Iseke, J., & Moore, S. (2011). Community-based Indigenous digital storytelling with Elders and youth. American Indian Culture and Research Journal 35(4), 19–38. 

The authors draw upon select experiences in the production of the four community-based video projects in order to examine the relationships and purpose of making community-based videos, editing strategies, the transformations of oral stories, and the processes of honoring storylines.

Lyons, N., Schaepe, D. M., Hennessy, K., et al. (2016). Sharing deep history as digital knowledge: An ontology of the Sq’éwlets website project. Journal of Social Archaeology, 16(3), 359-384.

This paper presents an ontology of the Sq’e´wlets Virtual Museum of Canada Website Project, a project that has focused on creating a digital community biography of the Sq’e´wlets First Nation ( The project came to focus on the nature of being Sq’e´wlets; how community members conceived the nature, structure, and nomenclature of the website; and how this Sq’e´wlets being-ness is translated for outside audiences.

McMahon, R., Almond, A., Whistance-Smith, G., Steinhauer, D., Steinhauer, S., & Janes, D. P. (2019). Sweetgrass AR: Exploring Augmented Reality as a Resource for Indigenous–Settler Relations. International Journal of Communication 13, 4530–4552.

Augmented reality (AR) is increasingly used as a digital storytelling medium to reveal placebased content, including hidden histories and alternative narratives. In the context of Indigenous–settler relations, AR holds potential to expose and challenge representations of settler colonialism while invoking relational ethics and Indigenous ways of knowing. However, it also threatens to disseminate misinformation and commodify Indigenous Knowledge. We document a series of iterative design steps that teams can use to work through ethical, narrative, and technical choices made in the creation of culturally appropriate AR content, and draw attention to the potential and limitations of this emerging medium.

Hopkins, C. (2006). Making things our own: The indigenous aesthetic in digital storytelling. Leonardo 39(4), 341-344.

This essay makes use of the characteristics of oral story-telling to define indigenous perspectives on narrative and to provide a framework in which to interpret video and new media art created by Zacharias Kunuk, Nation to Nation's Cyberpowwow project and Paula Giese's Native American Indian Resources.

Powell, T. B., Weems, W., & Owle, F. (2007). Native/American digital storytelling: Situating the Cherokee oral tradition within American literary history. Literature Compass 4(1), 1-23.

This article utilizes digital video of the Cherokee storyteller Freeman Owle and Flash presentation of historic maps to explore how digital technology can be employed to situate Native American oral storytelling in relation to American literary history. The analysis expands the definition of “literature” and frees “American literary history” from the constraints of a chronological timeline that begins with European colonization. Ultimately, it encourages recognition of thousands of years of Native American literature that have been previously overlooked by literary scholars.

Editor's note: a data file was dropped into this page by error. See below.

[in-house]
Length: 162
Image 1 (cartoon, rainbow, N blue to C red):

Schweitzer, I. (2015). Native Sovereignty and the Archive: Samson Occom and Digital Humanities. Resources for American Literary Study, 21-52.

This essay describes The Occom Circle, a scholarly digital edition of documents held at Dartmouth College by and about Samson Occom (1723–92). It argues that Native intellectual sovereignty is processional, that archives can reveal and preserve the often-ephemeral affective structures of colonial relations, and that digital technology can offer methodologies that embrace the evolving nature of knowledge.

Schandorf, M., & Karatzogianni, A. (2018). # NODAPL: Distributed rhetorical praxis at Standing Rock. In Routledge Companion to Digital Writing & Rhetoric edited by Jonathan Alexander and Jacqueline Rhodes, Routledge.

The author propose the view on digital activism as a rhetorical practice.

Wyeld, T. G., Carroll, J., Gibbons, C., Ledwich, B., Leavy, B., Hills, J., & Docherty, M. (2007). Doing cultural heritage using the Torque Game Engine: Supporting indigenous storytelling in a 3D virtual environment. International Journal of Architectural Computing 5(2), 417-435.

Digital Songlines (DSL) is an Australasian CRC for Interaction Design (ACID) project that is developing protocols, methodologies and toolkits to facilitate the collection, education and sharing of indigenous cultural heritage knowledge. The project explores the sharing of indigenous Australian Aboriginal storytelling in a sensitive manner using a game engine.